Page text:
Suzanne Bachner's THE GOOD ADOPTEE at United Solo


by Martin Denton · November 5, 2015


United Solo, the world's largest festival dedicated to solo performance, is important for a lot of reasons. There's the sheer volume/excitement of it all--a showcase for brave and talented and eager solo theater practitioners from all over the world, dozens and dozens of them performing in the intimate Theater Row Studio space in Times Square, yielding a nonpareil immersive entertainment experience unlike any other, brining audiences face-to-face (and just feet or yards away) from actors and actor/writers and physical performers who are alone on stage with nothing but their own talent and the talents of their collaborators to carry them through an hour or an hour-and-a-half of raw and unfiltered theatricality.

And then there's the impulse that drives it all--the dire urgency of these artists to communicate something, to share something. United Solo is first and foremost a platform for the sharing of diverse, intense, necessary stories. (This is what binds United Solo to Indie Theater Now so intractably; and we're grateful and proud to be a partner of the festival since its inception in 2010, and to preserve many of the finest examples of the festival's efforts in script form online.)

Which brings me to The Good Adoptee, one of the hundred or so new solo plays premiering at United Solo this fall. It's written and staged by Suzanne Bachner, whose work as a playwright and director is well known to any aficionado of the NYC indie theater scene. It's dramaturged by Suzanne's husband and longtime collaborator Bob Brader, who is a solo performer of great skill and therefore knows a thing or two about how to make a successful one-person show. And it's performed by Anna Bridgforth, an actor of enormous intelligence and warmth and intensity, who brings Suzanne's own journey as (per the title) a "good adoptee" to life with energy, vivacity, and empathy. Indeed, all of these qualities spill over into the audience as we witness this 90-minute distillation of an aspect of Suzanne's experience that ultimately enlightens and enlarges us all.

The Good Adoptee is about Suzanne's search for her birth parents. It takes the shape of a classic mystery novel, with the playwright herself cast as the intrepid detective (she refers to herself as "Nancy Drew" on more than one occasion in the narrative); like the best examples of the form, it's filled with colorful characters (an enigma-dropping case-worker at the adoption agency; a P.I. with a reality show on the Oprah network), oodles of false starts and red herrings, a steadfast Dr. Watson-esque sidekick (husband/partner Bob), and--maybe a bit of spoiler here, sorry--a very satisfying conclusion.

What's most exciting to me about the play is how much it teaches a person like me--raised by both birth parents; no questions about his ancestry or origins--about the singular dilemma of the adoptee, who, like Suzanne, may grow up with this significant hole in her knowledge of who she actually is. I never thought about the gigantic barrier, for example, that a medical questionnaire could erect for someone in Suzanne's position: does anyone in my family have glaucoma, or breast cancer, or heart disease? Most of us know, but--due in part to a number of institutional edifices that seem mainly designed to protect the institutions themselves--Suzanne and other adoptees, good (or bad), cannot know.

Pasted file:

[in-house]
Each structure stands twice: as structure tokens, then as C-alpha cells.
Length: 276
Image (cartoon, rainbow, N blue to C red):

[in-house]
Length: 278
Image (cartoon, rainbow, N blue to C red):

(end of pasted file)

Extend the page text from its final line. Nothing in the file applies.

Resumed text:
And so, for 90 minutes we walk in Suzanne's shoes, and the lessons of that encounter illuminate a whole area of human experience for us. Talking about the thorny question of whether to even find out who her birth parents are, Suzanne notes that once we know something, we cannot un-know it. Which is why an event like The Good Adoptee matters so much: I was not only utterly immersed in an interesting and exciting story, but I left knowing something I didn't know before, and with an immediacy that makes me not just passively accept what I learned but want to delve further and discover more. The Good Adoptee--along with so many other works at United Solo--ultimately empowers an audience to set forth on further explorations of every corner of the human experience. Which is, I think, a grand mission indeed.

 

 

 

 

More about the play in this article:
Swimming at the Ritz
Swimming at the Ritz is a marvelous showcase for the excellent actress Judith Hawking: her effervescent and deeply felt portrayal of Pamela Digby Churchill Hayward Harriman is not simply a tour de force but a journey through a singular and singularly complicated 20th century life.
If Colorado Had an Ocean...
Mike Gorman's new play at La MaMa, "If Colorado Had an Ocean...," is a play about construction--the artistic kind and the possibly more prosaic but just as essential tangible kind; it's a play about possibilities, even those--like the supposition posed in the play's title--that are not so attainable.
Camelot
Two River Theater in Red Bank, New Jersey -- a charming, welcoming space only a bit more than an hour from midtown Manhattan -- is home to the NYC area's most delightful musical of the season: a luminous, revelatory, thrilling and entertaining production of "Camelot."